On a cloudy, cool California afternoon, Minneapolis singer-songwriter Jonatha Brooke stood in the middle of a tree-lined street, wearing only her silver boots, a red necktie and a giant bass drum.
Four people (fully clothed) surrounded her, looking aghast, including her stepdaughter and her BFF.
"Kids were coming home from school and the FedEx guy kept driving by," Brooke recalled of those 20 minutes in the Mar Vista neighborhood of Los Angeles. "It was 60 degrees, but it's cold when you're naked.
"I started to enjoy it, I have to say. Just being out there naked felt very liberating."
The scene was a photo shoot for "Imposter," the first made-in-Minnesota recording by the Boston-bred veteran, who moved to the Twin Cities 2½ years ago.
Like one of those nightmares where you imagine yourself exposed as a fraud, the cover photo reflects Brooke's struggle with so-called impostor syndrome. "I feel like a total loser, a failure every time I go into the creative mode," she said. "That inner voice just beats you up. I'm my own worst critic."
While audiences in Denmark thought "Imposter" was about President Donald Trump, "it's really about me struggling with that fear: 'Such a loser. You faked 'em out last time, but it's never going to happen again.' "
She'll see how Minnesota music lovers interpret the tune at a record-release concert April 22 at the Dakota in downtown Minneapolis.
Brooke has quickly found a place in the local scene since she and her Minnesota-raised manager-husband decided to leave New York City and its skyrocketing rents. She has performed regularly at the Dakota, and participated in a multi-singer tribute to Peggy Lee at the Guthrie Theater. And she got the true imprimatur of local stardom by being invited to join the New Standards for one of their sold-out holiday shows.
"Imposter" is firmly rooted in Minnesota. Recorded at Creation Audio in south Minneapolis — the fabled studio where the Trashmen made "Surfin' Bird" — it features a cast of locals including bassist Jeff Bailey, drummer Joey Van Phillips, keyboardist Adi Yeshaya and several string and horn players.
Co-producer Rebecca Arons was the key connector. They met when Brooke came to the Playwrights' Center in Minneapolis in 2013 to work on her one-woman musical, "My Mother Has Four Noses," about her Alzheimer's-afflicted mother, who lived with Brooke and her husband for two years. Arons accompanied Brooke on cello during performances.
"Rebecca was one of the reasons I was OK moving here. She lives two blocks from me," Brooke said.
At 55, Brooke is finding midcareer challenges after stints on three major labels and more than a decade as an indie artist.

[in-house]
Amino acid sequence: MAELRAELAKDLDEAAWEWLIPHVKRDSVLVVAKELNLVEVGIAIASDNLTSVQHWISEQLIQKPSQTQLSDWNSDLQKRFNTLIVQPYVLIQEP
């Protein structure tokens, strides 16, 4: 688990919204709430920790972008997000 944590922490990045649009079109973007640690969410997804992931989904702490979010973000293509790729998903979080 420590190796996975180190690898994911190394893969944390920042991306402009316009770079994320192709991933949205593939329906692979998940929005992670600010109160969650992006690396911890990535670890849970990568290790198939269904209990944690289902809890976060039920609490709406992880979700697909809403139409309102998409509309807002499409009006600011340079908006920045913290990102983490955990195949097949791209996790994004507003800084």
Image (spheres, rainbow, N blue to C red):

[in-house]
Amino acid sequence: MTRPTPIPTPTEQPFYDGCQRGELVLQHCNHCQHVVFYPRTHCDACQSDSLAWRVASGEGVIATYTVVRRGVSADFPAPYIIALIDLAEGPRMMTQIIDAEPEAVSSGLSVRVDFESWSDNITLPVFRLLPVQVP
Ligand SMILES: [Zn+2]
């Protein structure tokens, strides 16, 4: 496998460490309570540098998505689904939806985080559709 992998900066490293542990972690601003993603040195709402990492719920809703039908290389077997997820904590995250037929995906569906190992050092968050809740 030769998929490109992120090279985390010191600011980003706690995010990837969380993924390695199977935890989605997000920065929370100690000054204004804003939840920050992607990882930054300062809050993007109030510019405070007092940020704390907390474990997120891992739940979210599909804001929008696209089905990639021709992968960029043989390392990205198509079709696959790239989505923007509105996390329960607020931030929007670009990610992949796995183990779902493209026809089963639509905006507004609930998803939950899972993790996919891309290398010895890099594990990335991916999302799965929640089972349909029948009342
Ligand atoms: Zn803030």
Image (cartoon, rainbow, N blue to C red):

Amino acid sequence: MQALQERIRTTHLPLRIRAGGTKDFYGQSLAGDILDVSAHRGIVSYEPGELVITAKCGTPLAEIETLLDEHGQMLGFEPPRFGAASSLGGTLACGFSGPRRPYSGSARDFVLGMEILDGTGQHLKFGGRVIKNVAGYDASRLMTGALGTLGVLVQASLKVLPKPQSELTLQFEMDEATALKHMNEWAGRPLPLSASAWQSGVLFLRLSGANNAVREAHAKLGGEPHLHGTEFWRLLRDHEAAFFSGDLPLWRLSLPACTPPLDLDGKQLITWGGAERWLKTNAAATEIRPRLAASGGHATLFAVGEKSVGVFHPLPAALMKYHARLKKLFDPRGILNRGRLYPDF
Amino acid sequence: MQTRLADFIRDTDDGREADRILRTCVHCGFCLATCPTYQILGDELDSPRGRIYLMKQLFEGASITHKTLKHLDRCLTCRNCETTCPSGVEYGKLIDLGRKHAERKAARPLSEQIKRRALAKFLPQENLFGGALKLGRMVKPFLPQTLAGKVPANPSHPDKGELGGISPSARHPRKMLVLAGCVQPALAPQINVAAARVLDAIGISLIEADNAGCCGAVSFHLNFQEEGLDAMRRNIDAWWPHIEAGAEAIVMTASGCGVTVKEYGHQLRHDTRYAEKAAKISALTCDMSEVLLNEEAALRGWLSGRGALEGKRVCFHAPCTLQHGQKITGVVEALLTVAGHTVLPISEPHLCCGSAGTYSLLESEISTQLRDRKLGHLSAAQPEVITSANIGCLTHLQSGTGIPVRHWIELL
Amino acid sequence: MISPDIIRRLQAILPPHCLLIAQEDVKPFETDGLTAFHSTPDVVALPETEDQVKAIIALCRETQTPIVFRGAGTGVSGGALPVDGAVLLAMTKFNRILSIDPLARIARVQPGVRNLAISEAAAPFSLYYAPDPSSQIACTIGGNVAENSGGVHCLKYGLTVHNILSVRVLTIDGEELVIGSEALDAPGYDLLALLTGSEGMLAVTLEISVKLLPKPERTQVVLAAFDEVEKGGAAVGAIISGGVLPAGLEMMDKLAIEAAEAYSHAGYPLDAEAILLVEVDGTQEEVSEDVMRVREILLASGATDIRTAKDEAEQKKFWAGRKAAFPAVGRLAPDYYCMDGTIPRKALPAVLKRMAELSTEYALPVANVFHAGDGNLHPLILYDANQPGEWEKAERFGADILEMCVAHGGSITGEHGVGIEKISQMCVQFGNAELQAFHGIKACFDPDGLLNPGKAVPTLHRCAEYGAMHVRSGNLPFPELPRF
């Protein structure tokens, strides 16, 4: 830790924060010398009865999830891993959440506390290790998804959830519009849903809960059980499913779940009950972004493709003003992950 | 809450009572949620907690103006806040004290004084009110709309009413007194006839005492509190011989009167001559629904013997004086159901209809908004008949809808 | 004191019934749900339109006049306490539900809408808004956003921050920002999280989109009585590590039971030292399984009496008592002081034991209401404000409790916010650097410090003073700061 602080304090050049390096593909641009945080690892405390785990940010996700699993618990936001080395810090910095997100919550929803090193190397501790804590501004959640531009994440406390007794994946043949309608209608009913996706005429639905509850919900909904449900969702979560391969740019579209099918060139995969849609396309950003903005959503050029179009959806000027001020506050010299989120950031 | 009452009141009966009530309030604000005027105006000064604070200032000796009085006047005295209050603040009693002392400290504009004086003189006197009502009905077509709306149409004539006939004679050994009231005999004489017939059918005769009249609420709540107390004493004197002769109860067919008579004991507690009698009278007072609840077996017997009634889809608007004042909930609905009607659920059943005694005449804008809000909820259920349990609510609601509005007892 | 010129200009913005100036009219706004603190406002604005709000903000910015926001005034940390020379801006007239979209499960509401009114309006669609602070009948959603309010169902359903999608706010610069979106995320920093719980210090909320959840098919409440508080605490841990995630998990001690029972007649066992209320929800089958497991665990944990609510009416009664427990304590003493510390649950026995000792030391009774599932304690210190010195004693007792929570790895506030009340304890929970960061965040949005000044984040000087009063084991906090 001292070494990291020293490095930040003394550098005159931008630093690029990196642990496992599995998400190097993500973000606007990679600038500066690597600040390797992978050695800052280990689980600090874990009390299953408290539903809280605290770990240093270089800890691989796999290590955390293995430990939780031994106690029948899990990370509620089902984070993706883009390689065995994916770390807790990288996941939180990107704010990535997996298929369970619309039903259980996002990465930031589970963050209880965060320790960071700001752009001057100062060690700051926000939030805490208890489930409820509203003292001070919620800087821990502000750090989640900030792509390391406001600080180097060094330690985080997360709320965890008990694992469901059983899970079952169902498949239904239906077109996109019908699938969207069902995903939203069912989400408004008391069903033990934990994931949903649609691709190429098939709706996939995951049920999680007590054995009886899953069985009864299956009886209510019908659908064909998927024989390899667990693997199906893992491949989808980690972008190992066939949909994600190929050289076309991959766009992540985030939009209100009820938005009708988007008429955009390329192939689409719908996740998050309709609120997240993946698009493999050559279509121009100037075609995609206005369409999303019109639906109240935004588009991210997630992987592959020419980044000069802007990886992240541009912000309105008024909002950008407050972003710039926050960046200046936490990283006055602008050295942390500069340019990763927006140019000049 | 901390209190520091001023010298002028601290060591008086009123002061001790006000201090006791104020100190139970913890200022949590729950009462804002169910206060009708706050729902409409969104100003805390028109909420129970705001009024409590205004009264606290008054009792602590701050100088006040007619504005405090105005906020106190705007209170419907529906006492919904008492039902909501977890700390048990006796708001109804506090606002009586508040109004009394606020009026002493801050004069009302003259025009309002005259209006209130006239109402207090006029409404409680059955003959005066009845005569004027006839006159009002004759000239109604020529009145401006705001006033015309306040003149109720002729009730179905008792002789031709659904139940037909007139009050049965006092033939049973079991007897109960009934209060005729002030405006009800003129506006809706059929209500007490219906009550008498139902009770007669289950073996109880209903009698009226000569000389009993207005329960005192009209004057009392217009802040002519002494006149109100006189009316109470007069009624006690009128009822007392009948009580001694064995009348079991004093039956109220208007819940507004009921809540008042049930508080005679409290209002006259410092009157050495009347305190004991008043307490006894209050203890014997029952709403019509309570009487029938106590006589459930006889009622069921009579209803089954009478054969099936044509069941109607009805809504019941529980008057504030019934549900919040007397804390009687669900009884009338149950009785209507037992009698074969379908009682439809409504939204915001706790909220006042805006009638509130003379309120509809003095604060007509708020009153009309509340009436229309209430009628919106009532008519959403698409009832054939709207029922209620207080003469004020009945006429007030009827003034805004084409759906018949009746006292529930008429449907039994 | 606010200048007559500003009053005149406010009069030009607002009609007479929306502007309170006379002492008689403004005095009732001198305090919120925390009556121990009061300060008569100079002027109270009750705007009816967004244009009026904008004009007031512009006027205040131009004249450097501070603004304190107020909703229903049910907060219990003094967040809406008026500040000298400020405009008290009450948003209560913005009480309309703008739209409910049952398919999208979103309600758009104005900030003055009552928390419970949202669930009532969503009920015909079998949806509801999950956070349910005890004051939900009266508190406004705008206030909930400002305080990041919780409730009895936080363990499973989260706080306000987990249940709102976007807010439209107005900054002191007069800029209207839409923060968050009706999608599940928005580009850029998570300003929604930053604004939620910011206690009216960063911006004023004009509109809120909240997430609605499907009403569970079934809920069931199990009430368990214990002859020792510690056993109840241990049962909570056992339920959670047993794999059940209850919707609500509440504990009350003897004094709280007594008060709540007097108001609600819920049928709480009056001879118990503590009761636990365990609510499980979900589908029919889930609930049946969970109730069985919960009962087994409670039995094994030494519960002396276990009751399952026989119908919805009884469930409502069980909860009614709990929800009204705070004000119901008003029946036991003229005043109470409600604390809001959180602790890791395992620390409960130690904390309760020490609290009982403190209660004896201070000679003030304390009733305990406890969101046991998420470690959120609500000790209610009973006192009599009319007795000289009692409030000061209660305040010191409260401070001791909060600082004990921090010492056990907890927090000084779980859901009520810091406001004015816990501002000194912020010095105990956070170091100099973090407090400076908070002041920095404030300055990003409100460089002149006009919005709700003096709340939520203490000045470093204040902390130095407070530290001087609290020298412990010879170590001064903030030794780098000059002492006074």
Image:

Since this was her first made-in-Minnesota recording, she did something typically Minnesotan — she got a grant, from the McKnight Foundation.
"This was the first grant I ever applied for," said Brooke, who had used crowdfunding for her previous two albums. "I listened to the coaching video. And it worked."
She wrote three of the five songs on "Imposter" since arriving here. If there's a theme to the record, she's still trying to work it out: "It's impostor syndrome meets badass feminist meets making peace with your life and losses meets having a really good time meets peace and solace and having a spiritual composure in the face of it all."
Brooke considers this new batch of songs "cinematic." She has envisioned a video for the tune "Revenge."
"A misunderstood kid is getting bullied in school. She's pissed and wants revenge. She has three friends who are misfits and freaks, too. They have a bake sale and raise money and get all the nice parents to support them and they create an event and all the good people get behind them and create a parade for these kids. It's not a mean-spirited video."
The final tune, "True to You," was written with the late jazz keyboardist Joe Sample (of the Crusaders) for a musical they were developing. Penned for a character in the play, it certainly sounds theatrical, with Yeshaya's arrangement helping to tie it sonically to the other tracks.
Theater makes her 'braver'
To supplement her music career, Brooke now leads workshops on songwriting for hobbyists while continuing to pursue theater projects.
Her latest is "Switched," about two 40-year-old women who were switched at birth. They receive a letter from one of the mothers who knew about the mix-up all along. It's based on a true story.
"The thing I love about this new avenue, it's collaborative," Brooke said. "You're constantly brainstorming with people who are smarter than you. That makes me less precious about writing for myself. I feel braver now.
"You don't send unmastered, unmixed songs to anyone in the record business, [but] in theater, I'm sending demos I sing in my phone to the actors to learn the songs. This world is constantly in flux. You're the clay."
It also forced her to learn how to write music. She relies on software called Sibelius. "The irony is, I still can't read it back," she said. "I play by memory, feel and sound."
Balancing theater and adult pop is part of her challenge as the music business has evolved.
Brooke has presented "My Mother Has Four Noses" in New York, Philadelphia, Cleveland and Minneapolis, at the Jungle Theater in 2018.
As a singer-songwriter, she usually tours solo, and this five-song recording is her first EP, after nine full-length albums.
She's trying "a new model here," she said. "People love the playlist [on streaming sites such as Spotify]. Maybe you don't want 12 Jonatha Brooke songs in a row anymore. Maybe after this, it's a song at a time.
"I can be much more nimble. That's what's great about the digital [era]. As much as it's decimated our income, you can do stuff quickly on the fly and get it out there and hopefully catch a wave."
Without exposing herself.
What: "Imposter" release show.
When: 7 p.m. April 22.
Where: The Dakota, 1010 Nicollet Mall, Mpls.
Tickets: $35, dakotacooks.com.